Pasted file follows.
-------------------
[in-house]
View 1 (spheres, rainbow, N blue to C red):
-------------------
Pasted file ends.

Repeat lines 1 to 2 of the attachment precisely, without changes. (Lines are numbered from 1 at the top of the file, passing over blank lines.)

[in-house]
View 1 (spheres, rainbow, N blue to C red):